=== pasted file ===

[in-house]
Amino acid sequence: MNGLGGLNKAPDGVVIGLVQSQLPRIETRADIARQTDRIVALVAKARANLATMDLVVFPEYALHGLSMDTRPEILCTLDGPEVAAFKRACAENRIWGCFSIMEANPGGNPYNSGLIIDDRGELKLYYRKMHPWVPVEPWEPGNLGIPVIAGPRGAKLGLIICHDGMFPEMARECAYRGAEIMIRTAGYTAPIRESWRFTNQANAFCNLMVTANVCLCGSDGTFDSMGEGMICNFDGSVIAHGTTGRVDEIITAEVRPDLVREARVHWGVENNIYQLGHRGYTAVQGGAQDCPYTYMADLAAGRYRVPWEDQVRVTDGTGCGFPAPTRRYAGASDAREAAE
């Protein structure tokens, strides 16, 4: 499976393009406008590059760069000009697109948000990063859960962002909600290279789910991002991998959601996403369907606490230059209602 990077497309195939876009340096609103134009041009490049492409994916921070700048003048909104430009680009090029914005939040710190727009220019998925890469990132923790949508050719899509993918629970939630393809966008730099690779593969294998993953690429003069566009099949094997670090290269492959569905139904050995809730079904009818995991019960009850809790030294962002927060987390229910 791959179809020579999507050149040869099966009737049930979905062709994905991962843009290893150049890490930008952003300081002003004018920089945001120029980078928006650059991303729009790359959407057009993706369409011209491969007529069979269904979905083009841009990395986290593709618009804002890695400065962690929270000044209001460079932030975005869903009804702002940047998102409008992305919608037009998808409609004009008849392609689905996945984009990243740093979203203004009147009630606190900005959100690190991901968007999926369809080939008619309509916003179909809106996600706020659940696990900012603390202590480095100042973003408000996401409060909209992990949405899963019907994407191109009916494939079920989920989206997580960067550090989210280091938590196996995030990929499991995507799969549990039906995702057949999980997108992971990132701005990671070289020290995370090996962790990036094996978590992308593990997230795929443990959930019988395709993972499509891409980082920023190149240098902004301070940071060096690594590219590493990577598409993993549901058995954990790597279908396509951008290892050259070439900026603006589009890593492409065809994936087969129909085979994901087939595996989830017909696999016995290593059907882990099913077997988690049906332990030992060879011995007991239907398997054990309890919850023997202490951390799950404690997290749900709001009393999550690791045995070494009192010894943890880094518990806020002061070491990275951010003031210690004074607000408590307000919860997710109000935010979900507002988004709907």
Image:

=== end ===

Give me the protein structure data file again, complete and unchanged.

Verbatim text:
[in-house]
Amino acid sequence: MNGLGGLNKAPDGVVIGLVQSQLPRIETRADIARQTDRIVALVAKARANLATMDLVVFPEYALHGLSMDTRPEILCTLDGPEVAAFKRACAENRIWGCFSIMEANPGGNPYNSGLIIDDRGELKLYYRKMHPWVPVEPWEPGNLGIPVIAGPRGAKLGLIICHDGMFPEMARECAYRGAEIMIRTAGYTAPIRESWRFTNQANAFCNLMVTANVCLCGSDGTFDSMGEGMICNFDGSVIAHGTTGRVDEIITAEVRPDLVREARVHWGVENNIYQLGHRGYTAVQGGAQDCPYTYMADLAAGRYRVPWEDQVRVTDGTGCGFPAPTRRYAGASDAREAAE
């Protein structure tokens, strides 16, 4: 499976393009406008590059760069000009697109948000990063859960962002909600290279789910991002991998959601996403369907606490230059209602 990077497309195939876009340096609103134009041009490049492409994916921070700048003048909104430009680009090029914005939040710190727009220019998925890469990132923790949508050719899509993918629970939630393809966008730099690779593969294998993953690429003069566009099949094997670090290269492959569905139904050995809730079904009818995991019960009850809790030294962002927060987390229910 791959179809020579999507050149040869099966009737049930979905062709994905991962843009290893150049890490930008952003300081002003004018920089945001120029980078928006650059991303729009790359959407057009993706369409011209491969007529069979269904979905083009841009990395986290593709618009804002890695400065962690929270000044209001460079932030975005869903009804702002940047998102409008992305919608037009998808409609004009008849392609689905996945984009990243740093979203203004009147009630606190900005959100690190991901968007999926369809080939008619309509916003179909809106996600706020659940696990900012603390202590480095100042973003408000996401409060909209992990949405899963019907994407191109009916494939079920989920989206997580960067550090989210280091938590196996995030990929499991995507799969549990039906995702057949999980997108992971990132701005990671070289020290995370090996962790990036094996978590992308593990997230795929443990959930019988395709993972499509891409980082920023190149240098902004301070940071060096690594590219590493990577598409993993549901058995954990790597279908396509951008290892050259070439900026603006589009890593492409065809994936087969129909085979994901087939595996989830017909696999016995290593059907882990099913077997988690049906332990030992060879011995007991239907398997054990309890919850023997202490951390799950404690997290749900709001009393999550690791045995070494009192010894943890880094518990806020002061070491990275951010003031210690004074607000408590307000919860997710109000935010979900507002988004709907």
Image: